One of the most heralded science fiction stories regarding true geometric dimensionality, and often recommended as a starting point for those just starting to investigate such matters, is the 1884 novella Flatland by Edwin A. Abbott. Isaac Asimov, in his foreword to the Signet Classics 1984 edition, described Flatland as "The best introduction one can find into the manner of perceiving dimensions."
The idea of other dimensions was incorporated into many early science fiction stories, appearing prominently, for example, in Miles J. Breuer's The Appendix and the Spectacles (1928) and Murray Leinster's The Fifth-Dimension Catapult (1931); and appeared irregularly in science fiction by the 1940s. Classic stories involving other dimensions include Robert A. Heinlein's —And He Built a Crooked House (1941), in which a California architect designs a house based on a three-dimensional projection of a tesseract; and Alan E. Nourse's Tiger by the Tail and The Universe Between (both 1951). Another reference is Madeleine L'Engle's novel A Wrinkle In Time (1962), which uses the fifth dimension as a way for "tesseracting the universe" or "folding" space in order to move across it quickly. The fourth and fifth dimensions were also a key component of the book The Boy Who Reversed Himself by William Sleator.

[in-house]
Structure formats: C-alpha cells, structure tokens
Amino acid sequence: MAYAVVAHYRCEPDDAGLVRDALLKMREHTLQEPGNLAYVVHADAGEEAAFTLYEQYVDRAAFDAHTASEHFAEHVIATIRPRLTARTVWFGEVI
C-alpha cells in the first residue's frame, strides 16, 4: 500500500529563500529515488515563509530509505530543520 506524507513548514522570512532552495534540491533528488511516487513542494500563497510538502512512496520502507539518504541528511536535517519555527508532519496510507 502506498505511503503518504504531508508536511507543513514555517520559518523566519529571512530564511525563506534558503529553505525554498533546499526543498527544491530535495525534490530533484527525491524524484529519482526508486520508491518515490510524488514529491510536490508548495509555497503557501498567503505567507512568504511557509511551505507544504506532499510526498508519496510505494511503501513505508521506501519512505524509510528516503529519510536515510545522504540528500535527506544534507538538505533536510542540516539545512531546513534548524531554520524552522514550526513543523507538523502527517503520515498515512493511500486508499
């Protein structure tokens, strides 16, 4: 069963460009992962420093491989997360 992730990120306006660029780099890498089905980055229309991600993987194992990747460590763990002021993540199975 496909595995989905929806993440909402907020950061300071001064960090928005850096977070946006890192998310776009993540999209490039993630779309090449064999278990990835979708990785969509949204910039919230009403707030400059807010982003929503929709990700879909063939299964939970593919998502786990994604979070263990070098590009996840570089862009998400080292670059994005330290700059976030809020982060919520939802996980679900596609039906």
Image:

Immanuel Kant, in 1783, wrote: "That everywhere space (which is not itself the boundary of another space) has three dimensions and that space in general cannot have more dimensions is based on the proposition that not more than three lines can intersect at right angles in one point. This proposition cannot at all be shown from concepts, but rests immediately on intuition and indeed on pure intuition a priori because it is apodictically (demonstrably) certain."